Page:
• Requiring kids to wait thirty minutes after a meal before they go swimming.

Unfortunately, a few years ago I would have told my family to chain me to a wall if I snored, spit on a tissue or wore a flower-patterned apron. So I’m probably doomed to pick up a few more Grandma quirks every few years. But if the Lawrence Welk oddities come last, I’ll be eternally grateful.

A-one, and a-two, and a….

Rockin’ in the New Year at Camp Dorothy

new year

After a five day break, when Camp Dorothy’s namesake headed north to spend a few days with her eldest daughter, things are ramping up for a rockin’ New Year’s Eve celebration. The fun begins today when the camp director collects Dorothy from Minnesota and returns her to central Iowa’s more moderate climate…not that Dorothy will be outside experiencing the climate any more than is absolutely necessary.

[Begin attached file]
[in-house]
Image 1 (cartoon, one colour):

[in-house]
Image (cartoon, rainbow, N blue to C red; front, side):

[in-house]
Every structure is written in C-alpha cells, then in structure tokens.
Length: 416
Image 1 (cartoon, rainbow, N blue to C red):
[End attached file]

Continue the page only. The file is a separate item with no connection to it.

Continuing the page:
She’ll be sitting cozy on the couch with a footstool under her feet and an extra blanket around her shoulders.

Also arriving at camp on Monday will be a Wisconsin contingent consisting of our daughter, six months pregnant, and her 6’4″ husband. They will be taking over many of the camp director’s activity duties including, but not limited to, playing Rummikub and Uno with the camp’s namesake and operating the television remote control so that episodes of The Price Is Right, Judge Judy, and Wheel of Fortune appear on cue at the proper time.

A stress reliever for sure as the camp director (aka: camp cook) foresees numerous trips to the grocery store as the camp population will double for the week.